Us ★★★

This review may contain spoilers. I can handle the truth.

This review may contain spoilers.

On a moment-to-moment basis, I found this craftily enjoyable, until it dawned on me as a slab of window dressing. (The extended post-discussion with my two buds didn't improve things, either.) Since Peele has buried this in writerly curlicues, it's begging for subtextual analysis, which is why I can't see it as some "don't-overthink-it" doppelgänger invasion flick. Still, I was mostly gripped until the mid-mark, with Peele's predilection for cobbled influences and Abels' eerily choral staccato-ridden score.

The intro scene is a fantastic plot-point, especially because Peele ultimately inverses the positive nature of the "Hands Across America" ad by its vicious endgame. The institutionalized, oppressed Americans can rise from beneath! I also liked the teasing fun of VHS tapes next to the TV: C.H.U.D., The Man With Two Brains, The Right Stuff, etc, a delectably similar take on Noé's shtick in Climax. Which gets additionally beguiling as young Adelaide (Madison Curry) suffers a traumatic encounter in '86 Santa Cruz at the beachside funfair. "Find yourself."

Jump to the present-day, where precarious Adelaide (Lupita Nyong'o), her chirrup husband Gabe (Winston Duke) and two kids Jason (Evan Alex) and Zora (Shahadi Wright-Joseph) go on a vacation to Santa Cruz. Suddenly, these memories come back to haunt Adelaide, which soon coincides with the doppelgänger she found in the mirrored-room. Before that, I enjoyed Peele and DP Gioulakis ratcheting their influences. Such as the connection where Jason's wearing a Jaws t-shirt, and films the surrounding hubbub from a distance, just like Adelaide's own Chief Brody inspection. Or the overhead shot of the looming shadows as the Wilsons walk on the sand.

The inclusion of Jeremiah's 11:11 verse (held by some prophesized homeless man), is another awesome tidbit when the clock ultimately strikes. "I will bring on them a disaster they cannot escape." However, some of Peele's ideas are nowhere near as astute. (The frisbee perfectly landing on the circled towel serves no purpose.) Worst of all, the zoom-out opening credits with the underground rabbits, ends up a pointless deviation in its overall linkage. They feature more in the third-act, but are just some roaming digression between the humans and the Tethered, instead of a conceptual supplement. As for the gold scissors, they just came across as a macabre accessory, refusing to mention why it's the Tethered's weapon of choice.

Still, the invasion itself is suspenseful and humourous. "If you wanna get crazy, we can get crazy", Gabe amusingly exclaims to the identical assailants, until they trespass. This is also where Nyong'o's dual performance impressed me—utilizing the wide-eyed reactivity that Kaluuya showed in Get Out, coupled by Red's gravelly croak during the "Once upon a time..." monologue. Between the two, a strong juxtaposition is made: maternal hysteria and violent uprising. Even the subsequent, inspired slash-attack at the Tylers' (Elizabeth Moss and Tim Heidecker) lavish home, is worth it for the exuberant needle-drops to "Good Vibrations" and "Fuck the Police". The irony is taken to its zenith.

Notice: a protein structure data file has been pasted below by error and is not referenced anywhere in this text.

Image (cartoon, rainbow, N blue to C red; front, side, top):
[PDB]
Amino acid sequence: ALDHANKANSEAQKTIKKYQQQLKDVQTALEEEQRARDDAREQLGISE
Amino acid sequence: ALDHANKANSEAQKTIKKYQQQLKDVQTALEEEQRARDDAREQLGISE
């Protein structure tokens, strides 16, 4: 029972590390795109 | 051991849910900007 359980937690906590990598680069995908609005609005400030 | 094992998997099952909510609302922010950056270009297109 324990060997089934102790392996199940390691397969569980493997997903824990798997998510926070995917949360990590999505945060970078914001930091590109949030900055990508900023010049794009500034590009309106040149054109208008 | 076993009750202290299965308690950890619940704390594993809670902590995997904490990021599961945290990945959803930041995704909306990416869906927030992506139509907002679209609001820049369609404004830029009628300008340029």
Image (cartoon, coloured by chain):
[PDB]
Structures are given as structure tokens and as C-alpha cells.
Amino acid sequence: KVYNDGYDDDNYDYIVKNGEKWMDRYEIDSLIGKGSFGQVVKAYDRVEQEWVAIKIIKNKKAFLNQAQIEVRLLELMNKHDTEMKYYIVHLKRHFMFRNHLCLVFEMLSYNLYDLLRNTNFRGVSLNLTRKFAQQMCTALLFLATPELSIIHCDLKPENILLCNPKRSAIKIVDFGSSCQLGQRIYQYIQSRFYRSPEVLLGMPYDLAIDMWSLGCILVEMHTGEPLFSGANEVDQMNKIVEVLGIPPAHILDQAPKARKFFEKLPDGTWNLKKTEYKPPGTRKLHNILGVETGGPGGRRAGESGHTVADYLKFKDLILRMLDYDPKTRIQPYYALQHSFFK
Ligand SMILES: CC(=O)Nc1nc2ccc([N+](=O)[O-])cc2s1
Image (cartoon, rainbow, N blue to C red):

After the excitement settled, it struck me that Us' considerations were so weak, particularly between the Real-to-Tethered personalities. I dug how Jason fiddles with a lighter, and his other version is a burned victim. Yet there's no connection to Gabe's affable jokester and his barbarous double, or Zhora's introverted phone-obsessed teen and the constantly smiling villain who hounds her. The Tylers also receive their own versions, and while Kitty's plastic-surgery-turned-face-sliced one has its intriguing, there's lethargy on Peele's part for correlating Josh into someone who just squawks.

Then its most egregious deliverance is the expository dump, whose answers I'd waited for all along. If anything, the great split diopter shot and clever cross-cutting between both young Adelaides is stronger, because Red's affectless, banal suggestion that the U.S. government created the Tethered has no satisfying/emotional deliverance whatsoever. When everything has seemingly returned to "normal", the last-minute twist further complicates it (in a negative way), regarding Adelaide's switcheroo.

Having me ponder: Why would she be scared to revisit Santa Cruz, if she was the Tethered all along? Why would she wait until now to remember this pivotal moment? Why did Adelaide not escape when the opportunity arose? It just would've been exponentially heady if Peele decided to show the real Adelaide adapting to the underground world, and Red learning human mannerisms in the above world, as opposed to its half-formed obliqueness.

With that said, it'd be easy to suggest that scrutinizing each detail can debilitate this experience. Yet instead of the riotous excitement that Peele wanted viewers to discuss, he corners its logic in a tight corner, with the messiness still intact. I do like the duality subtext about fearing the Other, and then conjoining both classes via the final Hands Across America overhead shot. Yet it dabbles in endless clues that ask to be analyzed, and when the majority of them are just façades, a lot of annoyance can set in. I want to laud Peele's imaginative thought-process, but if it's just a first draft, then where's the true satisfaction?